Does “Toxic Boss” Jimmy Fallon Deserve a Second Chance?

An apology is not enough. Toxic managers need to own up to their bad behavior and learn from their mistakes.

It was in the news last week that Tonight Show host Jimmy Fallon was accused of creating a toxic workplace. He apologized. Is that enough when a manager is found to be toxic, or do organizations have a responsibility to terminate toxic managers? Can they be reformed and given a second chance?

The news about Fallon originated from a RollingStone article by Krystie Lee Yandoli, who writes:

“According to two current and 14 former employees, The Tonight Show has been a toxic workplace for years—far outside the boundaries of what’s considered normal in the high-pressure world of late-night TV. They say the ugly environment behind the scenes starts at the top with Fallon’s erratic behavior, and has trickled down to its ever-changing leadership teams—nine showrunners in the last nine years—who seemingly don’t know how to say no to Jimmy. Former employees describe The Tonight Show as a tense and ‘pretty glum atmosphere,’ with some alleging they were belittled and intimidated by their bosses, including Fallon himself. Employees describe being afraid of Fallon’s ‘outbursts’ and unexpected, inconsistent behavior. Many of these staffers voiced their concerns through HR complaints, but problems at The Tonight Show persisted.”

Can They Be Reformed?

The advantage Fallon has over many other toxic bosses is that he’s harder to replace than they are. As the star of a popular late-night show, replacing him would cause upheaval and a potential loss of viewership ratings and advertising. His company, NBC Universal, has a strong incentive to give him a second chance. But how about the non-famous toxic managers in organizations worldwide? Do they also deserve a second chance to be reformed and become evolved, productive managers?

One huge question that has to be answered before Human Resources and Learning professionals can decide whether a toxic manager deserves a second chance is whether a toxic manager can be reformed. And, if they can, in fact, be reformed, how do you do that?

Reform Strategies

You could require the toxic manager to go through private sessions with a trainer and Human Resources representative in which their inappropriate behavior would be reviewed. The manager would be shown how they should have responded to employees in a variety of situations they handled poorly. The manager then would have to show they understand by completing a test (verbal or written) in which they have to explain how they would respond to a few challenging situations with employees.

After the manager completed that training with a Learning professional and Human Resources representative, they would be supervised at various times by the trainer and HR professional. They would never know when the trainer and HR colleague might pop into a meeting to sit in and listen, or when one or both of these individuals might stop by where the manager’s work group resides to observe and listen to the employees and manager interacting.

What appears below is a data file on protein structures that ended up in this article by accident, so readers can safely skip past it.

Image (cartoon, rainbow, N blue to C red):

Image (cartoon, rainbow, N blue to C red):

The trainer and HR professional also could check in monthly for at least a year with employees who work under the manager to see how the manager is doing from the employees’ perspective.

An Apology Is Not Enough

The understanding between the organization and manager would be that this is their second and last chance. If Learning and/or HR professionals have reason to believe the manager’s toxic behavior is continuing, they will be terminated.

If you give the toxic manager a second chance without outlining a detailed structure for reforming them, and then observing for a long time period to make sure the teachings worked, you risk alienating employees. An employee who has suffered under toxic management likely will become demoralized if they think the manager who was identified as toxic only had to apologize to be given a second chance with free rein to go back to their old ways.

Gauge Long-Term Impacts

When you weigh the value of a toxic, yet effective, manager, employee morale and corporate culture also must be weighed heavily. The manager may meet their obligations from a short-term financial perspective, but from a long-term perspective, how much are they costing the company? How many valuable employees have left and will continue to leave because of them, and in what negative ways has this manager impacted the corporate culture?

If you don’t see clear signs of reform and improvement, it’s probably best, regardless of the manager’s status in the organization, to terminate them.

Does your organization have a protocol for dealing with toxic managers? How do you offer them a second chance while protecting the employees who work under the manager and your company culture?